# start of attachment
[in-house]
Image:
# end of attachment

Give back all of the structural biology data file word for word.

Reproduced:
[in-house]
Image: